Rock'n'roll and religion have more in common than either protagonist might like to admit. It's not just that the communal throng of the mosh-pit fills a cathedral-sized hole in the souls of the kids (myself, a metal fan raised by a grandfather who was a priest, very much included). There's a canon of accepted work, heretical ideas, scriptures and testaments.
My own musical journey was sort of upside down, from a strictly musicological point of view. I started with Iron Maiden, worked through thrash and into punk rock and hardcore. It was only in my mid-20s that I started working through the accepted canon of rock'n'roll. I discovered Dylan, Young, Springsteen and the like in a slightly embarrassing, and embarrassed, late blooming, after years of touring in noisy guitar bands. And huddled serenely in the middle of this storm of classic material and towering heroes was Leonard.
Even in the 1960s, Leonard Cohen stood apart. He was older than his peers, he was from the artistic and faintly mysterious realm of Montreal. He'd been a genuine poet before he'd been near a guitar, not just some whippersnapper at the heels of Woody Guthrie, figuring out his linguistic voice as he went. There was a sense of otherness, of wisdom, of being as old as the hills, surrounding the diminutive Canadian.
At several decades remove, I sensed this too, and initially I grasped a few of his more obvious songs – Bird On A Wire, Suzanne – whilst hurtling headlong down a more obvious rock'n'roll pathway, towards Minnesota, New Jersey or Los Angeles. But always, purring in the back of my mind, was Leonard's golden croak. I knew I'd have to make time, sooner or later, to lose myself in his work.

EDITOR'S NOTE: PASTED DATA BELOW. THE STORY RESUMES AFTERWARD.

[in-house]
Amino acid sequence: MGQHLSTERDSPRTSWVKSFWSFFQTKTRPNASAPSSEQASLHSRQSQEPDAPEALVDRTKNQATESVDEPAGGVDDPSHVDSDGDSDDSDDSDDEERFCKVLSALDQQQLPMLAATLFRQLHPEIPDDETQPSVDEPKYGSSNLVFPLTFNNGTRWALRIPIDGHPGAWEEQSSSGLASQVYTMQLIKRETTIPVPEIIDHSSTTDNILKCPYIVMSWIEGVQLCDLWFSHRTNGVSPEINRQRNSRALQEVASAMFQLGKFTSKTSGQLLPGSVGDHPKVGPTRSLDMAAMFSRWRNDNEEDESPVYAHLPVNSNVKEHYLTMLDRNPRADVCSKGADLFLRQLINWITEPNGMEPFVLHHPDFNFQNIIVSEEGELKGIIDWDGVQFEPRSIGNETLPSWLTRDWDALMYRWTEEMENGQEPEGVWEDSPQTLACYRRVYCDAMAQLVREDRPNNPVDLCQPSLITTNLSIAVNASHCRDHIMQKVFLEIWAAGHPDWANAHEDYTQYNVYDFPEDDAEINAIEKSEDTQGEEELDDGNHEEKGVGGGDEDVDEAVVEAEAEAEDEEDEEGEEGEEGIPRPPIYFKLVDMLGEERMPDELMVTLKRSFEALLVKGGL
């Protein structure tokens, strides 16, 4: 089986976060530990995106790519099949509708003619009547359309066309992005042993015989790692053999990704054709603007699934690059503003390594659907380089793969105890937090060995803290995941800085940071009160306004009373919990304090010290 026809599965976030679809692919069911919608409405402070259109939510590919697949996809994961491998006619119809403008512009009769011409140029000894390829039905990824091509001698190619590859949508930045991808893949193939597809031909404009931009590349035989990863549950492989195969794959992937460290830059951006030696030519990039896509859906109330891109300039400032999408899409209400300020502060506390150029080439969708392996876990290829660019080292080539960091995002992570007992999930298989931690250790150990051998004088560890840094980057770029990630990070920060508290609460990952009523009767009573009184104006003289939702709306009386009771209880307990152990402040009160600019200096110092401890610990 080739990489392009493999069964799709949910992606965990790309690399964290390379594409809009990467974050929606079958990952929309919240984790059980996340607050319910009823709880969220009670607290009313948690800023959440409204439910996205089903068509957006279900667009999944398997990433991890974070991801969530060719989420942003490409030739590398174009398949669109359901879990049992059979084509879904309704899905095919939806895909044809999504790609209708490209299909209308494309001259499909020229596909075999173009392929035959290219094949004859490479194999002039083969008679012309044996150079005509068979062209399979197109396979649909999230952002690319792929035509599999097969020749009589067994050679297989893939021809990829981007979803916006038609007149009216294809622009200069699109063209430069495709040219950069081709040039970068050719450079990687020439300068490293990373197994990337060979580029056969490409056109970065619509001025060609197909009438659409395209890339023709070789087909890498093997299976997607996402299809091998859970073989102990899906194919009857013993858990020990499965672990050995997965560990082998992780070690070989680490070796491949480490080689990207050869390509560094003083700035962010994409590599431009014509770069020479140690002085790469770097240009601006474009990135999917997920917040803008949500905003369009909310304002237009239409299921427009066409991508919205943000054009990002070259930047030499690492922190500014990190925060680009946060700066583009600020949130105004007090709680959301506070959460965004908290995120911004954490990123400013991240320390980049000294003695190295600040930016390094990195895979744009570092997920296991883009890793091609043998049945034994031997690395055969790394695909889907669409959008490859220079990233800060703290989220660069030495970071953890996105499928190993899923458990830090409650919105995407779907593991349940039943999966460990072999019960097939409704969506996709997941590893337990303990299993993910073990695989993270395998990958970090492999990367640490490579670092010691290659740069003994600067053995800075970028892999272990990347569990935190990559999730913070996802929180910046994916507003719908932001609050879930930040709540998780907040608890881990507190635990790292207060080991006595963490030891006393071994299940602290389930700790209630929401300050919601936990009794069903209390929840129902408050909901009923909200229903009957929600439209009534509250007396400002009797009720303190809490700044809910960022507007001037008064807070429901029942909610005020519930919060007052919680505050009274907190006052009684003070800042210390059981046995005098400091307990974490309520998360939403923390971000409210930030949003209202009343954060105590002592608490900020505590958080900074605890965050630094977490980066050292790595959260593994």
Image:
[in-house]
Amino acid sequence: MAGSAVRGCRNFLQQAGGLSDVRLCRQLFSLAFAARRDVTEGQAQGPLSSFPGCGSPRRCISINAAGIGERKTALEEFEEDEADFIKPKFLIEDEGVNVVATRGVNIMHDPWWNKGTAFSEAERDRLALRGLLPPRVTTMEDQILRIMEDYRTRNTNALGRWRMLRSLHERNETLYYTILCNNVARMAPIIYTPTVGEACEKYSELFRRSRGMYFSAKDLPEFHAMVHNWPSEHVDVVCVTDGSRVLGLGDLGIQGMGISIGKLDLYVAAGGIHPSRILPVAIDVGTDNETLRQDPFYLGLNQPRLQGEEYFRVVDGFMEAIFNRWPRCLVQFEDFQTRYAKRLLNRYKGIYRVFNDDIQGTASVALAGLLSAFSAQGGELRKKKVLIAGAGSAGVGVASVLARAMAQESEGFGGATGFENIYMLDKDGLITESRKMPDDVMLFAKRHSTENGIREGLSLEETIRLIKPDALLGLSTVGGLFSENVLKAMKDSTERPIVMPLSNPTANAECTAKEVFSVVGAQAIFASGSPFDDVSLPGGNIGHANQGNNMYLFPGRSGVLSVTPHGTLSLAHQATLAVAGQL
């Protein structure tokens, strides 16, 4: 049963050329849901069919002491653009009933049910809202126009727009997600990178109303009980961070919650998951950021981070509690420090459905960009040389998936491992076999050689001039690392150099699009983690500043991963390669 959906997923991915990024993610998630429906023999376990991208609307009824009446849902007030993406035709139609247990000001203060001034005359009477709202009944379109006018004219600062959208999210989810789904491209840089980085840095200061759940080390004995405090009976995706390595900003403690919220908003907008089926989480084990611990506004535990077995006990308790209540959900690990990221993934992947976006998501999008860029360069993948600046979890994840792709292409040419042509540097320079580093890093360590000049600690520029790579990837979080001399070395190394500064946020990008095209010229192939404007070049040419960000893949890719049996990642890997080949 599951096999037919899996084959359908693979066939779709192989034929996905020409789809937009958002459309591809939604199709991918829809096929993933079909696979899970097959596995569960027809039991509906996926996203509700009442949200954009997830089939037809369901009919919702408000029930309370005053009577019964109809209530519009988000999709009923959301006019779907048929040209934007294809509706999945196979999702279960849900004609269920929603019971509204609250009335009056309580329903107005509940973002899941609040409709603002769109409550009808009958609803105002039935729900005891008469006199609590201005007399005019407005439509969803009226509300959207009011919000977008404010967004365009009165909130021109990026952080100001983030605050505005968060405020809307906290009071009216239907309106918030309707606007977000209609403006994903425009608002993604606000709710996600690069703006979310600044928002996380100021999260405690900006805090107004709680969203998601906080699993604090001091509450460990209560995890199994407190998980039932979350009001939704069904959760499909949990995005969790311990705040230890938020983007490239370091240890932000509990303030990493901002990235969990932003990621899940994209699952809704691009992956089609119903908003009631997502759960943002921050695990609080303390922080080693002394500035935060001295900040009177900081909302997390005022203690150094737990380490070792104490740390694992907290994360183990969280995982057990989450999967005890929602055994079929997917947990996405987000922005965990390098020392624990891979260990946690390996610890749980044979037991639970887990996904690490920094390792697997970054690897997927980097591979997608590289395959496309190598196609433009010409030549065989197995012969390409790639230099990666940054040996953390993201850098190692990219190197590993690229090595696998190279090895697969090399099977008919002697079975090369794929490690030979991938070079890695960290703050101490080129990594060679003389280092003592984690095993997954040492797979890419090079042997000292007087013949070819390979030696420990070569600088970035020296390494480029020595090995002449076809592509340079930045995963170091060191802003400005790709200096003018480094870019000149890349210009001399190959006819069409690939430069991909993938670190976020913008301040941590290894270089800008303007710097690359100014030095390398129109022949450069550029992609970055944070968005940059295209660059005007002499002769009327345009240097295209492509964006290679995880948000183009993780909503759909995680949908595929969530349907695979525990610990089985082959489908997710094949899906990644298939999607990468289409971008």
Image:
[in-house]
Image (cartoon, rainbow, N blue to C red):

In the end, it was my friend Sarah who gave me the shove over the precipice. Leonard is famous as an aphrodisiac, but there was no romance here, only passion. Sarah is one of purest music fans I know, and she opened up the locked box of Cohen to me, taking me deep into the depths of his catalogue. I was a lost cause; my listening diet was monopolised, I felt like I was wandering through snow-bound New York or around a Greek island for months.
Trying to explain why Cohen was one of the greatest songwriters of all time is, as the cliché has it, like trying to dance about architecture. There's not much that you can do other than just play the damn songs, preferably in a quiet room, in the dead of night, alone, with a glass of red wine for company. His plaintive, rich but reedy growl gently brings his perfect couplets before you like offerings in a temple. His vision of human frailty, imperfection, and the struggle to live meaningfully and morally in a fallen world, cut right to the core of your being. Unlike most modern songwriters, his words stand up as poetry on their own, but the melodies are not incidental to the art, not some meaningless backing track. The first time I heard him sing his own chord progression in the first verse of Hallelujah – “it goes like this, the fourth the fifth, the minor fall and the major lift” – I despaired of ever creating much of meaning in my own life.
That is almost the only criticism of Cohen I can think of. His perfection is so exquisite that it is intimidating. A Springsteen song can inspire other writers to imitation. Cohen's work tends to make the more mortal songwriters among us cower in bedazzled fear, incapable even of sincere flattery. More than anything else he makes me think of an Old Testament prophet, descending from the mountain, his songs carved in stone, to offer them to an unworthy world.
And yet he was never so dour as some of his more casual listeners and detractors might have thought. He always had style, and a sense of humour, albeit a morbid one. Moses in a fedora, wise-cracking on the sidewalk outside the Chelsea Hotel. And his departure, as with everything else in his life, was impeccable; leaving behind a stunning final album on the day the world went mad. A deeply spiritual man, he lately said he'd like to be reincarnated as his daughter's dog. He has earned, I'd wager, at least that much, with the monuments to his genius that he left behind for us. Rest in peace.